|"Jerusalem Market" by Ann Wellman|
Here's a sampling:
"Both [men] admire, even adore, the United States, they say, for its entrepreneurial drive, innovative spirit and, not least, its academic excellence: the two met while researchers in Cambridge, Mass. But both also express bewilderment over the current conversation about whether the wealthy, who have taken most of America's income gains over the last 30 years, should be paying higher taxes.
"'The United States is getting accustomed to a completely crazy level of inequality,' Mr. Piketty said, with a degree of wonder. 'People say that reducing inequality is radical. I think that tolerating the level of inequality the United States tolerates is radical.'"
Monica Davey's article goes on to show how income inequality now (2004-2012) most closely resembles inequality in the 1920s, leading into the Great Depression. It's a sobering piece. Saez and Piketty recommend raising tax rates on the wealthiest far beyond the Buffet Rule (30%) to as high as 50% or 70%. Anything less, they say, makes little difference in the larger scheme of things.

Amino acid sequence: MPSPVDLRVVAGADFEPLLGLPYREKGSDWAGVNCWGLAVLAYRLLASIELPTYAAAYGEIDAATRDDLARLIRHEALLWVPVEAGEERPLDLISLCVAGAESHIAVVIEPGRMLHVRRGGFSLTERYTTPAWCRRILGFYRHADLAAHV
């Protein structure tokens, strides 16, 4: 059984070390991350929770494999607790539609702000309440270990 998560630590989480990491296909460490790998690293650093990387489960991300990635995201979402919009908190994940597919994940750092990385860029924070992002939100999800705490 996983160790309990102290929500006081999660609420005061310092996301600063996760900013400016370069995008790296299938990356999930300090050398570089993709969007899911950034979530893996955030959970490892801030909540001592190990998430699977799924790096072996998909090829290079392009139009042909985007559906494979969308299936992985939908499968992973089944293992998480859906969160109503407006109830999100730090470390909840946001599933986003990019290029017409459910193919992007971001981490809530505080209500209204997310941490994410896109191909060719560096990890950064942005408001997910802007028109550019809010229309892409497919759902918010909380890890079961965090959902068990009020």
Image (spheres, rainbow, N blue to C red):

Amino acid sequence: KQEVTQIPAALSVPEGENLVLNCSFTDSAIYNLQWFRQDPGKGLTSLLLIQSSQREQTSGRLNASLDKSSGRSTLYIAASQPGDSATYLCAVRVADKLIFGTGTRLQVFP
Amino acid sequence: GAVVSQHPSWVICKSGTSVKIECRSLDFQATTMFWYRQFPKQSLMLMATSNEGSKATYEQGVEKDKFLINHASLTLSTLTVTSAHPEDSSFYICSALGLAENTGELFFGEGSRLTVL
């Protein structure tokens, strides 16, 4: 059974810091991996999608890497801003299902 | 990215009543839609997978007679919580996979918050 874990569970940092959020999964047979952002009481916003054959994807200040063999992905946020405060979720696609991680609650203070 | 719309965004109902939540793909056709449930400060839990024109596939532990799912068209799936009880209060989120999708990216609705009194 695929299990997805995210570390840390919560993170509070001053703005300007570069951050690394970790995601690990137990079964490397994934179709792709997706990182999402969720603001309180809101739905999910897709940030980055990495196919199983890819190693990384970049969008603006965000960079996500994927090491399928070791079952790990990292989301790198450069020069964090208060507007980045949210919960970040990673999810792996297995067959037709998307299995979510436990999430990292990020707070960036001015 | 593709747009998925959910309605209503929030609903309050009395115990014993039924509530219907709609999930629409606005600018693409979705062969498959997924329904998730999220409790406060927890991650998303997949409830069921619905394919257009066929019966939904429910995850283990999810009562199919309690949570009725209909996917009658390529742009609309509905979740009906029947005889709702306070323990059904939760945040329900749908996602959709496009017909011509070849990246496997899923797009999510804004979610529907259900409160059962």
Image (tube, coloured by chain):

Just as sobering is this piece on the "Alternet" site, examining the surge of 'suicide by economic crisis' in Europe. What does our tolerance around this nastiness say about the West? Our morality? Spirituality?
Thinking about all this theologically--and even biblically--I can't help thinking about Pharaoh's Egypt and the 'pyramid-ing' of the ancient egyptian economy. You remember the pyramid? A very few at the very top, with most of the wealth, all of the control, the political leverage. And a huge conscripted class working to lay the bricks, build the playgrounds of the very rich. It seems clear, at least in our Judaeo-Christian story, that the God of our ancestors partners with the conscripted class: to liberate, to free, to imagine a promised land of opportunity and community for ALL.
This Tax Day, maybe we should all be reading Exodus 2:23-25. "The Israelites groaned under their slavery and cried out. Their cries for relief from their hard labor ascended to God. God listened to their groanings. God understood" (from The Message).